Ballmer Wielding Shovel To Bury Google, Yahoo
Microsoft’s CEO tells financial analysts that when all is said and done online, Redmond will stand triumphant.
At Microsoft’s annual financial analyst fest in Redmond, CEO Steve Ballmer emphasized the company’s burgeoning finances and commitment to research and development.
“We’ve gone from a company of $25 billion and $12 billion of operating profits to $40 billion and $19 billion of operating profit while increasing our R&D spend by almost 25 percent. I think that’s really quite an achievement, and certainly one both on the innovation front and on the growth front,” he said in the meeting.
R&D spending tends to be an area that troubled businesses trim when the going gets rough. SugarCRM CEO John Roberts noted how companies suffering from stifled creativity spend more on sales and marketing than on R&D.
Microsoft’s goals won’t be hindered by lack of financial support, according to the CEO’s remarks. While the folks from Redmond probably will not be paving Silicon Valley and turning it into a parking lot, they do aim to put their California competition well behind them.
Part of that drive will be fueled by a higher price tag on enterprise versions of Microsoft’s signature pieces of software: the Windows operating system and the Office productivity suite. That strategy began with the release of Windows XP in Home and Professional editions.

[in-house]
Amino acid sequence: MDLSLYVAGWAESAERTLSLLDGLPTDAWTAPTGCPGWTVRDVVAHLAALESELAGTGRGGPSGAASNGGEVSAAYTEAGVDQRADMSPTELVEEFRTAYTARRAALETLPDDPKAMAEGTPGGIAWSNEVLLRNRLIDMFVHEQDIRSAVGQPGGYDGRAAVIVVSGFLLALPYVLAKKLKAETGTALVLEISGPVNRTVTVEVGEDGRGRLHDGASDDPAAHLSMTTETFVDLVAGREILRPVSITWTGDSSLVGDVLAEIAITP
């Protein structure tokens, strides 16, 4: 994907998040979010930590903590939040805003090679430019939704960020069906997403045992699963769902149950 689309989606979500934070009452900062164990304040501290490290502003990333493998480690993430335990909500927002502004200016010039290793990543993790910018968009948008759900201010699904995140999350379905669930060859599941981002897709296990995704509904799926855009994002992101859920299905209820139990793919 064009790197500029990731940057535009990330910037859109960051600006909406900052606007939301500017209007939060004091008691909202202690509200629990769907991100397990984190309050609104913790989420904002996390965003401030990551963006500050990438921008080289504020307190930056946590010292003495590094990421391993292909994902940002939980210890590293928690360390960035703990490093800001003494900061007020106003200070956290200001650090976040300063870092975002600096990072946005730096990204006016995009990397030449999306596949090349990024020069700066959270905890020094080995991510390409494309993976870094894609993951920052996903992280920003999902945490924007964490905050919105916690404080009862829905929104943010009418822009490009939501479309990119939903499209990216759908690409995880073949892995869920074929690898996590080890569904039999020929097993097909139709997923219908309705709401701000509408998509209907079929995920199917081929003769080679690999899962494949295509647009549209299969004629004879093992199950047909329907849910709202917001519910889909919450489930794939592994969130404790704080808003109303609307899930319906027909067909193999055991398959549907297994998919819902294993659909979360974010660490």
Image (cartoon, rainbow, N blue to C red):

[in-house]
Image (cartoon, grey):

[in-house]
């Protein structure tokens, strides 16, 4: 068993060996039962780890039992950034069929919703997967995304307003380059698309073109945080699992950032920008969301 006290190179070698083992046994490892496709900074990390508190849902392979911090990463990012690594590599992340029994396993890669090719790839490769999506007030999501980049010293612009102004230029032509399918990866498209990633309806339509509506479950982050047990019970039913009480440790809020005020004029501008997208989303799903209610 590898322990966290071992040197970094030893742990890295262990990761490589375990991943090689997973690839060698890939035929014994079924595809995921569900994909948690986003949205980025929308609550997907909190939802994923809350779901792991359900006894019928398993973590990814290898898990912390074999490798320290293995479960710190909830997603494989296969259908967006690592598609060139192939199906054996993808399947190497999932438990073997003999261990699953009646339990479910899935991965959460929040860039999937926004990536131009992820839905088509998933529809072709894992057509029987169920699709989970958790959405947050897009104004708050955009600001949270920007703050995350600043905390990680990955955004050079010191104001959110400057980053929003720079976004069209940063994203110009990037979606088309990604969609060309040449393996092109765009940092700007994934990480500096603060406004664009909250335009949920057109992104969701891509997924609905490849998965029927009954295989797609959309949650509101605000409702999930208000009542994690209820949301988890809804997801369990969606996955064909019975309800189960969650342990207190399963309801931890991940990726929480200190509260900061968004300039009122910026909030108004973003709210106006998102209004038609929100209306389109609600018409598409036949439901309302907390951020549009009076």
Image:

XP Professional carries a higher sticker price than XP Home, but also provides better networking support. Many home users with networks in place opted to buy the Professional version for that extra support. Mr. Ballmer discussed premium versions of Office, as well as premium client access licenses for Windows.
The search engine ad market, a large pie worth billions of dollars today, will also draw Microsoft forward into improving their search product. Mr. Ballmer sees Microsoft’s finding a place: “There will only be a handful of major players in the ad market, and you can rest assured this company will be one of them.”
Microsoft has entered many markets with existing competition, and hasn’t always entered with the strongest product. It took until version 3.02 of Internet Explorer for the company to draw level with Netscape, a company that had the browser market to itself. After version 4 of both browsers emerged, Microsoft was pulling away.
Once Microsoft gets a couple of versions of a product developed, they tend to become a threat if not the dominant player over time. Google and Yahoo may be atop the search space today. If Microsoft can improve MSN Search, that space might become a pit.
And we know Mr. Ballmer would be pleased to take a shovel and fill that pit in for good.
David Utter is a staff writer for WebProNews covering technology and business. Email him here.